“There is nothing comparable to making your own bread in your own home with your own hands…..”
This weeks Alpha Bakers recipe from our baking group is 100 % Whole Wheat Walnut Loaf from Rose Levy Beranbaum’s new baking book:
HOW IT WORKS:
Each week we as Alpha Bakers, are assigned one of the recipes from Rose’s new baking book and we as a group all over the world bake the same recipe at the same time. Our objective is to share our successes, where we got stumped, what questions did we have along the way, our joys and in some cases our baking shortcomings.
PER MY WEB HOST, in order to leave a comment on my site, you will need to click on the title of the blog each week. It opens into a new blog window in which comments are able to be left at the bottom of the blog. Thank you all for your comments!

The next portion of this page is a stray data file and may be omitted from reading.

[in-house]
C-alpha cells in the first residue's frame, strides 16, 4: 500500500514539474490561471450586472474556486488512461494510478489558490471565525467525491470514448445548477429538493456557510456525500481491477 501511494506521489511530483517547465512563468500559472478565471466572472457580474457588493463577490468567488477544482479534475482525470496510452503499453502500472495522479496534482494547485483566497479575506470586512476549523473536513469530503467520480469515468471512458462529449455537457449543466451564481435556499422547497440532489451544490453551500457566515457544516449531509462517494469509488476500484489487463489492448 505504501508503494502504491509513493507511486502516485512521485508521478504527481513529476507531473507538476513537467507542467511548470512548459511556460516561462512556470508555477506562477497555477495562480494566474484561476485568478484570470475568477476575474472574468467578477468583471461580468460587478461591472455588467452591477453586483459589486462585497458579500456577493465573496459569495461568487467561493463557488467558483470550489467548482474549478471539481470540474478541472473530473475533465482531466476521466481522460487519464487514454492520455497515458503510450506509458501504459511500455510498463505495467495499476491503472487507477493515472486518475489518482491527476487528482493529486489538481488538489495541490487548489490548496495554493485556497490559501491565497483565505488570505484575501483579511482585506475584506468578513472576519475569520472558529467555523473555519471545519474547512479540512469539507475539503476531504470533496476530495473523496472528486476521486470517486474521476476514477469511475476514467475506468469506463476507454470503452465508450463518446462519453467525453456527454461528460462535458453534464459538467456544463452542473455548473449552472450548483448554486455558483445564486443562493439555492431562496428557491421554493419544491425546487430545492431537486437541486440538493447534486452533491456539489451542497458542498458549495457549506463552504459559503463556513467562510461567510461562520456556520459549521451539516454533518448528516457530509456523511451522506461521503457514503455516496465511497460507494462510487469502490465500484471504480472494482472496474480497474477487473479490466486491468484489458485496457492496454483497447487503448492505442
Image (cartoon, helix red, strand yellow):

FULL DISCLOSURE: This week I did not cheat and I followed the recipe verbatim. Marie, I know…..it’s a first….
We began our bread baking adventure by making the dough starter or Sponge. Other recipes thus far for the Alpha Bakers using The Baking Bible have used a Biga or Poolish as a starter. However with this recipe, the Sponge Method allows a much faster start for the dough, an hour to a four hour window, compared to 3 days for a Biga to ferment. The Sponge is therefore referred to as a pre-ferment.
For a crash course in the differences in the Sponge, Biga and Poolish starters, I recommend that you pick up a copy of Rose Levy Beranbaum’s The Bread Bible.